Q. My late husband and I used to invite friends over for dinner occasionally, but I haven’t “entertained” since he died. Part of me wants to try it, but the rest of me feels overwhelmed at the thought. Any suggestions?
First realize that it’s natural to feel daunted. You’re no longer part of a couple, and everything is different. Yet you’ve somehow handled many new situations since your husband’s death. Entertaining solo is just another step forward in building a new life—and it takes courage. Your husband probably shared in at least some of the planning, preparation, and possibly the cooking at a dinner party. Even if he simply greeted the guests and took drink orders, he was an extra “hand.” Although you’re on your own now, you can take control and ease into becoming a hostess again with these steps:
Plan to ask guests for help, too. Someone can pour the wine and/or mix drinks at a party, allowing you more time to circulate or introduce people to each other. If you’d like to try a barbecue without being tied to the grill, you might (in advance), draft a willing guest to pitch in. Or consider hiring someone for grill duty. The point is to relax for a few hours with people you enjoy. You’ll feel empowered, and also open the door to reciprocal invitations. We widows need to be proactive in building a social life for ourselves.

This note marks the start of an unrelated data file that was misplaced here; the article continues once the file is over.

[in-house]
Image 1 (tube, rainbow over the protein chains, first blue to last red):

If you have a question for Florence, please email her at email@example.com.
Florence Isaacs is a freelance journalist, author — and a widow herself. Her books include My Deepest Sympathies, When the Man You Love Is Ill, What Do You Say When and Just a Note to Say...The Perfect Words for Every Occasion.
Image via Flickr Creative Commons / John Taylor